This questions stems from
*elements, = iterableto be a
elements = *iterableto be a
elements. The reason for this may confuse people unfamiliar with the construct.
iterable = [1, 2, 3, 4]
>>> *elements, = iterable
[1, 2, 3, 4]
>>> elements = *iterable,
(1, 2, 3, 4)
The difference between these two cases are explained when also taking into consideration the initial PEP for extended unpacking:
PEP 3132 -- Extended iterable unpacking.
In the Abstract for that PEP we can see that:
This PEP proposes a change to iterable unpacking syntax, allowing to specify a "catch-all" name which will be assigned a list of all items not assigned to a "regular" name.
So in the first case, after executing:
*elements, = iterable
elements is always going to be a
list containing all the items in the
Even though it seems similar in both cases, the
* in this case (left-side) means: catch everything that isn't assigned to a name and assign it to the starred expression. It works in a similar fashion as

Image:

**kwargs do in function definitions.
def spam(*args, **kwargs): """ args and kwargs group positional and keywords respectively """
The second case (right-side) is somewhat different. Here we don't have the
* working in a "catch everything" way as much as we have it working as it usually does in function calls. It expands the contents of the iterable it is attached to. So, the statement:
elements = *iterable,
can be viewed as:
elements = 1, 2, 3, 4,
which is another way for a
tuple to be initialized.
Do note, a
list can be created by simple using
elements = [*iterable] which will unpack the contents of
 and result in an assignments of the form
elements = [1, 2, 3, 4].